Earlier phytoplankton blooms in Arctic could affect food chain
Tiny phytoplankton are taking to warmer Arctic waters by blooming almost two months earlier in the spring season.
A new study published in the April edition of the journal Global Change Biology says that the earlier bloom has consequences for the Arctic food chain and carbon cycling.
It may sound like a good thing. Phytoplankton, the nutritive basis for much of ocean life, stimulates the production of zooplankton, which provides forage for larval fish, and so on. But more of it out there, at an earlier point in the season, could be disrupting the food web.
The researchers, led by Mati Kahru at the Scripps Institution of Oceanography at the University of California, San Diego, say there could develop a mismatch between the reproductive cycles of marine organisms. For example, shrimp may have adapted their egg hatching times to the spring bloom in phytoplankton.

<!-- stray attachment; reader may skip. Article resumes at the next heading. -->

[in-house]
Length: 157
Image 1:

The one to two week bloom creates a major influx of new organic carbon into the marine ecosystem. The earlier blooms seem to be timed to areas where sea ice concentrations have declined, according to satellite data. For the period of 1979-2007, the trend towards an earlier ice melt was up to 7.3 days.
The researchers say there’s a limit to how early phytoplankton blooms can appear, given that daylight is also a constraint. But the trend towards earlier blooms could spread to more areas of the ocean and impact the whole food chain. If other species do not or cannot adapt, excess phytoplankton could sink lower into the ocean and cause oxygen deficiency in poorly mixed bottom waters.